The BLS class allows the student to develop their skills in an environment that promotes an effective review, reinforcement, and when required modification. So whether your renewing your BLS CPR certification or taking the BLS CPR for the very first time, our BLS Provider class will help you develop the confidence to administer CPR and use the AED effectively.
When is narcan and nalaxone going to be part of every first aid kit? US Surgeon General Jerome recently acknowledged that Narcan should be part of every first aid kit. But what exactly is Narcan? Narcan is the brand name of nalaxone, an opiate antidote. the active ingredient competes with opiods to bind with the same receptors in the brain that feast on the drugs. It usually reverses the effects of an opiod overdose in 2 to 3 minutes, buying the effected person time for emergency help to arrive.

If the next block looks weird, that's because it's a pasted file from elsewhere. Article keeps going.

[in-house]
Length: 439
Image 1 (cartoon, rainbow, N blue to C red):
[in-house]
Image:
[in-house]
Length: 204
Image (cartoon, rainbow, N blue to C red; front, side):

So what happens if the overdose victim doesn't receive assistance and narcan? Without narcan someone overdosing can have his or her breathing slow down or stop completely causing brand damage or death. With heroin and such, the effects of overdosing are not exactly immediate but typically develop over a 1 to 3 hour period.
Being prepared for a heroin or opiate overdose that could happen to a friend or family member or even just someone walking down the street might seem as unnecessary. However, this can happen to anyone at any time. It is always important to be prepared to address and handle this opiate crisis.